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Reforming Health Care

April 27, 2009

“For liberals, labor unions and others pushing to make health care available to all Americans, however, the fixation on a public plan is bizarre and counterproductive.”

Of the many possible issues that could snarl health-care reform, one of the biggest is whether the measure should include a government-run health plan to compete with private insurers. The public plan has become an unfortunate litmus test for both sides. The opposition to a public plan option is understandable; conservatives, health insurers, health-care providers and others see it as a slippery step down the slope to a single-payer system because, they contend, the government’s built-in advantages will allow it to unfairly squash competitors.

For liberals, labor unions and others pushing to make health care available to all Americans, however, the fixation on a public plan is bizarre and counterproductive. Their position elevates the public plan way out of proportion to its importance in fixing health care. It is entirely possible to imagine effective health-care reform — changes that would expand coverage and help control costs — without a public option.

President Obama has said that he favors a public option but has been sketchy on details. His nominee for secretary of health and human services, Kathleen Sebelius, said that she wants a public plan to “challenge private insurers to compete on cost and quality” but “recognizes the importance of a level playing field between plans and ensuring that private insurance plans are not disadvantaged.”

The argument for a public plan is that, without the need to extensively market itself or make a profit, it would do a better job of providing good health care at a reasonable cost, setting an important benchmark against which private insurers would be forced to compete. Even in a system where insurers are required to take all applicants, public plan advocates argue, incentives will remain for private plans to discourage the less healthy from signing up; a public plan is a necessary backstop. Moreover, if the playing field is level, public plan advocates argue, private insurers — and those who extol the virtues of a competitive marketplace — should have nothing to fear.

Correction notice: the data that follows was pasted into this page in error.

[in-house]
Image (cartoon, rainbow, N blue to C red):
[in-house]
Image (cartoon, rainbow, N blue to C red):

We disagree. It is difficult to imagine a truly level playing field that would simultaneously produce benefits from a government-run system. While prescription drugs are not a perfect comparison, the experience of competing plans in the Medicare prescription drug arena suggests that a government-run option is not essential to energize a competitive system that has turned out to cost less than expected. Insurers and private companies have been at least as innovative as the federal government in recent years in finding ways to provide quality care at lower costs.

Medicare keeps costs under control in part because of its 800-pound-gorilla capacity to dictate prices — in effect, to force the private sector to subsidize it. Such power, if exercised in a public health option, eventually would produce a single-payer system; if that’s where the country wants to go, it should do so explicitly, not by default. If the chief advantage of a public option is to set a benchmark for private competitors, that could be achieved in other ways, for example, by providing for the entry of a public plan in case the private marketplace did not perform as expected.

Maybe we’re wrong. Maybe it’s possible to design a public option that aids consumers without undermining competition. If so, we certainly wouldn’t oppose a program that included a public component. But it would be a huge mistake for the left to torpedo reform over this question.